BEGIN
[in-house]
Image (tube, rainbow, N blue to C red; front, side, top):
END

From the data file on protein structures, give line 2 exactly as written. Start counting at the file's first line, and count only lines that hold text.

Image (tube, rainbow, N blue to C red; front, side, top):